Connectivism must abandon its ideas?

Two Catalan authors see  Three  problems with the connectivist conception of learning and  challenge its core ideas (p. 8): “the idea that knowledge is distributed in the network”, “the idea of learning and knowing as individual,  interpretative recognition of connective patterns”, and  “the idea of learning as the association of subsymbolic  entities (neurons)”.

I am not convinced. I recall:

Knowledge of a society lies in connections between people or  resources; knowledge of an individual lies in connections between neurons.   In particular, the knowledge of concepts lies in the connections  between the words, i.e. between the neuronal connection patterns that make up  each of these words.

Their argument is as follows: Besides “the inability to explain concept development” (p. 1), they particularly criticise “the lack of a solution  to the learning paradox” and “the underconceptualization  of interaction”, which they eventually relate to the problems  of MOOCs (direction of learning and interaction, respectively) that  Mackness et al. 2010 have mentioned.

Re: The Learning paradox

How does a learner recognize what they do not know before? From  how Downes uses his core term of “recognition”, I understood that  we can speak of knowledge exactly from the moment on when a  pattern is first recognized (e.g. because salient parts  of it had been experienced before). So, a chicken and egg  discussion of knowledge and recognition seems meaningless to me.  (It might be easier to understand this view of knowledge as  recognition, if we first consider the kind of knowing that other  languages translate into “kennen”, “connaître”, “conocer”, etc.,  and only then turn to the other kind of knowing: “know that”  = “wissen”, “savoir”, “saber” etc.  — see  McGilchrist, 2011, p. 96.)

The authors ask (p. 5)

“How do you recognize a pattern if you do not already know that a  specific configuration of connections is a pattern?”

as if the notion of a pattern meant a static, binomial given, like a rule that is either fulfilled or not, instead of a pattern as  an emerging phenomenon.

Their different view of patterns as preexisting entities becomes  apparent when they paraphrase Downes. E.g. (p. 5, emphasis mine)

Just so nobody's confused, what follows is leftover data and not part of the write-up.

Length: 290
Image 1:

“a pattern of connections (outer and neural) which becomes salient in the network,”

while the cited Downes passage reads

“this happens when a pattern becomes salient to a  perceiver.”

or when they even replace “becomes” by “is” (p. 3)

“When a pattern is salient to a perceiver, it emerges in  the network”

vs. Downes

“this happens when a pattern becomes salient to a perceiver.”

So their view of patterns seems to be more binomial (existing  or not) than gradually emerging.

Re: Interaction

In their second problem identification, the critique is the other  way round:

“Connectivism views the other as a node in the network, and a  connection between nodes can be active (1) or inactive (0).”

This is surprising. Since a  long time,  the Wikipedia article on Connectivism states: “Not all connections are of equal strength.”

Since interaction is so important, it is also surprising to me that, in their enumeration (p. 4) of Downes’ learner activities (aggregating, remixing, repurposing), they omit the fourth one (Downes (2012,  pp. 495–7)): feed-forward.

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4 Responses to Connectivism must abandon its ideas?

  1. Howard says:

    It has long been clear to me that knowledge and practices are distributed through social and practice networks and become intelligible against a cultural background whose development can be traced historically. Micro-analysis follows a dialogical process between people (or nodes). What is missing is an understanding of how any distribution process works (spreading like a virus or memes). That is, I need distributed cognition, but it’s understanding is underdeveloped. This is what interests me in connectivism.
    What doesn’t help me is a micro-analysis at the neurological level. It’s not that I believe this is unfounded; just that we know way too little of neurological functioning to go there, either actually or metaphorically.
    If the neurological metaphors were removed, but the network metaphor retained, would the argument against connectivism remain? Would connectivism remain?

  2. x28 says:

    Thank you for your interesting thought experiment. After removing the unpopular and difficult neurological metaphors, argument would perhaps decrease, but connectivism would probably not remain, either. Maybe superficially, the metaphor might not be missed on the macro-level. But for the dialogical process which you mentioned, which establishes resonance connections, the conceptual and hence the neurological metaphor is still important.
    And for the spreading that you think of, further biological metaphors might be appropriate, such as evolutionary mechanisms where some pattern recognition process selects resonating patterns from the randomly diverse exposures? Indeed, my understanding here is underdeveloped.

  3. Pingback: PROBLEMAS DEL CONECTIVISMO - Magazine INED21

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